L: Excellent advice.
M: (laughs) Short and sweet. “Don’t be an asshole.” Oh no, I think it says, ” Have fun and don’t be an asshole. ” Even better.
L: Even better.
M: That’s my life motto.
M: Yaaay. Now it’s your turn.
L: I’m ready. Maybe.
M: What does the word queer mean to you?
L: Well, as a personal label, I feel like it’s been an evolution. When I first came out, which we’ll talk about a little bit more, but I first identified as a lesbian and then I was like, “Wait a second. No, I think I’m bisexual.” And then, just as I started to understand a little more about like queer history and queer theory and the gender spectrum, I realized that, for me, bisexual just didn’t feel like the right term. And before you @ me, I definitely understand that bisexual means attracted to your gender and to other genders and I don’t- like I absolutely get that it’s not trans exclusionary or anything like that. It just, it doesn’t fit for me. So it’s been a personal evolution. The other thing I really like about it is it has a bit of a like “fuck you” to it, and I like my- I don’t know. I like my identity, especially an identity that is like super marginalized right now,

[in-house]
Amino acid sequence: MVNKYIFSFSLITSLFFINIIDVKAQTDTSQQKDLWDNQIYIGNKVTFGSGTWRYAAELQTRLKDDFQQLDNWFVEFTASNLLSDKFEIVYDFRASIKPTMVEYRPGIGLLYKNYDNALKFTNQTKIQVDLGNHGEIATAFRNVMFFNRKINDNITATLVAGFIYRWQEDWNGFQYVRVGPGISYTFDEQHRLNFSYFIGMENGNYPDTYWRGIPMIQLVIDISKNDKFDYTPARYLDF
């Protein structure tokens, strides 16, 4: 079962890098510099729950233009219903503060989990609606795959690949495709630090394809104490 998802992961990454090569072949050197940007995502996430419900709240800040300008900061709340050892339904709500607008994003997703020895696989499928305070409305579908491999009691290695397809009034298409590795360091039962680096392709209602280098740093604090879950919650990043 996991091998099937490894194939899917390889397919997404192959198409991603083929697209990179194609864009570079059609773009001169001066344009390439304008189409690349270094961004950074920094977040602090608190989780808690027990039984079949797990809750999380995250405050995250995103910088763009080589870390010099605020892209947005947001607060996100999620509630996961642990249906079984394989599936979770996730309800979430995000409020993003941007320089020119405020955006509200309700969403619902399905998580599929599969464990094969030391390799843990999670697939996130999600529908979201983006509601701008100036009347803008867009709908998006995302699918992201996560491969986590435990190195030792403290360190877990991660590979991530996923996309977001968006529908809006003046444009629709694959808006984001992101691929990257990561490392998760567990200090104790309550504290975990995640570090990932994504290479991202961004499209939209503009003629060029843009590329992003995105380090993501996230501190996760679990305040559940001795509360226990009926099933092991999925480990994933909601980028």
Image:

L: And kinda always, but especially under attack right now, to have a little side of like political rage
L: Slash “fuck you” to it.
M: Yeah, it’s like the word slut.
M: Like some people love it And say they’re a slut and some people are like ew, why would you say that. We should get rid of that, so
M: I think that’s important, what you said about, it just doesn’t work for you.
M: Cause I had that whole thing too, and when we did the podcast for Take Back Your Sex together, I think you sparked some of that for me, of thinking about the terms, and I had that reaction of like, “No, bi doesn’t mean that.” And then also just I ended up going through that phase of like, okay, I had to be bi because I was so afraid of it, and then once I got over that, I’ m like, “Bi doesn’t work for me anymore.”
L: Mmhmm. But I think also bi visibility, super important, and you’re seeing a lot of things about like celebrities who are bi that we kind of erase their bisexuality by just calling them gay or calling them straight. And like boo to that as well.